When you get behind the wheel and turn the key you've made a conscious choice. But in fact it is a series of choices that lead to the act of propelling a two ton beast down a narrow lane of asphalt. The sad tragedy is that the modern human has made driving an automobile second nature to a point where it is akin to walking for most. No thought goes into the minutia that allow Marty to step out his front door, sit down and then be whisked away, 30 miles or more to a magical place where he can fondle a plastic mouse all day and move symbols around on a flat screen.
It all goes back to a choice. Of course through our formative years the choice is made for us as we develop the conventional thinking that driving a car is a necessary act each and every day. By the time you wake up on April 5, 2011 to go to a job you've had for three, five or ten years, that choice to turn the key isn’t really a choice. It’s a habit, an ingrained function of movement. We take it for granted that getting from Point A to Point B is going to happen, and since its been made possible for the past few years by the use of a motor vehicle we assume that today and tomorrow and all the tomorrows to come will also involve the same forms of movement between the destinations of our lives.
What an absurd presumption.
And because driving as a component of our daily movement is so ingrained in us, we see impediments to driving as impediments to our personal "right" to move freely between places in the world. But in our human nature we go even beyond that. If we are barred from taking the SHORTEST and FASTEST route between Point A and Point B we feel as if our "rights" have been violated. Road construction on my normal route to work? How dare they! As if there aren’t typically many other alternate routes we can take to reach the same destination.
Its this very thing, this very pervasive presumption, that makes our society weak. The vast majority of Americans assume that tomorrow they are going to wake up, turn on the lights, take a hot shower, flip on the coffee maker and pop a bagel in the toaster and shuffle off to work in our Tahoes and Subarus. But what happens when the lights don’t come on? What happens when there are no more hot showers? How will you get your coffee and bagels when the store shelves are bare? Forget the Tahoe or the Subaru, you ain't going to work today.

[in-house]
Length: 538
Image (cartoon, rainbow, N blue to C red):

This post was actually going to be about perceived entitlements on the road. You see where my thoughts take me.
Benzinger got out of his responsibilities because it was determined that he had no responsibilities. But I roundly disagree. Benzinger got behind the wheel. When he made that subconscious choice (but still a CHOICE) he had already made the one bad decision that would result in Steven Milo's debilitating injuries. But in the courts we're allowed to argue beyond the crucial choice and argue away responsibility. Oh, if only my father had gone into law and had been the sitting judge in Benzinger's case!
When I was learning to drive my father said: "If you're driving and you hit something with your car you were going too fast."
"But what if…" I countered. And to no avail. I could come up with not a single "What if?" that my father couldn't easily refute with a "you were going too fast." And I would even go beyond that and state that its not just the measured speed of your forward momentum that could be excessive, but that your mind and your attention were most likely going too fast. You were trying to do to many things at once.
When one of us is eating a burger, talking on the cell phone and curling our hair in the car we are rushing, and putting ourselves in a situation that we should not be in. If you can’t take the time to slow down, make you call when its appropriate, style your hair when its safe to do so and give your full attention to your driving, then not only have you made a choice to propel a huge piece of machinery down the road at a high rate of speed, but you've chosen to combine that nefarious act with others that further bring into question your judgment and reasoning.